Currently one company in the whitewater industry is actively leading the way, pursuing and producing an alternative; without naming names that means everyone else is using PVC. The boys and girls at Astral Buoyancy Company are utilizing polyethylene foam and kapok fibers to manufacture their more environmentally conscious PFD’s. Polyethylene foam is more durable and produces the same buoyancy as PVC with half the product. In addition, it lacks all the nasty production drawbacks as its counterpart. Polyethylene is stiffer and more difficult to manage, however, creating design and comfort issues. According to Astral head honcho Philip Curry, “The well documented environmental negatives of PVC far outweigh the difficulties inherent in using polyethylene.” Polyethylene is not perfect, but is much less harmful and is a step in the right direction. Astral’s other ingredient, kapok, is a natural fiber harvested from the seeds of the tropical kapok tree; the tapered-shape of the fibers carry seeds in the tropical winds and will help float your body on the river. In all new models for 2005, Astral Buoyancy will have phased-out the use of PVC entirely with a great reduction of PVC use in older models as well.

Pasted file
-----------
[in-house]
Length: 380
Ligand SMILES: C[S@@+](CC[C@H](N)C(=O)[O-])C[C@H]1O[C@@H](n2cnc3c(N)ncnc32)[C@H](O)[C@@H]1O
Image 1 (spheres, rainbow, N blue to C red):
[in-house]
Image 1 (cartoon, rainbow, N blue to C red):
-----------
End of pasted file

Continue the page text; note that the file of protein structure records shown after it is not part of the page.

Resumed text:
Although the kayaking community is not going to make a huge impression on the multi-billion dollar plastics industry, we can certainly send a clear message to all our PFD manufacturers: with an alternative readily available and plenty of negative evidence against PVC—we want something different, we want a better product—NO MORE PVC ON THE RIVER.
1. Interview: Philip Curry. Owner/ Operator Astral Buoyancy Company. 02-21-05
2. Integrating industrial ecology principles into a set of environmental sustainability indicators for technology assessment. Jo Dewulf and Herman Van Langenhove.
Research Group ENVOC (Environmental Organic Chemistry and Technology), Faculty of Agricultural and Applied Biological Sciences, Ghent University
Received 8 December 2003; accepted 2 September 2004
3. A study on the production of a new material from fly ash and polyethylene Cihan Alkan, Mustafa Arslan, Mehmet Cici, Mehmet Kaya and Mustafa Aksoy
Department of Chemistry, Faculty of Arts and Sciences, Firat University, Elazi, Turkey
Department of Environmental Engineering, Faculty of Engineering, Firat University, Elazi, Turkey. Department of Mechanical Engineering, Faculty of Engineering, Firat University, Elazi, Turkey. 5 March 1994.
4. The Oil Daily, August 28, 1990 n9572 p5(1). Occidental takes the toluene entirely out of plant's PVC process. (Occidental Chemical Corp) Alan Kovski.
5. Chemical Week, Sept 22, 1993 v153 n10 p13(1)
PVC, chlorine makers urged to prepare for 'sea changes.' Elisabeth Kirschner.
6. Activist group urges phaseout of PVC. (United States/Americas)(Center for Health, Environment and Justice.)(Brief Article) Nancy Seewald.
7. Area logical choice for EPA toxic hunt. Mercury News: Pottstown, PA. Oct 05, 2003. Evan Brandt
8. Identification of organic compounds migrating from polyethylene pipelines into drinking water. D. Brocca, E. Arvin and H. Mosbæk. Environment and Resources (E&R), Technical University of Denmark, Building 115, DK-2800, Lyngby, Denmark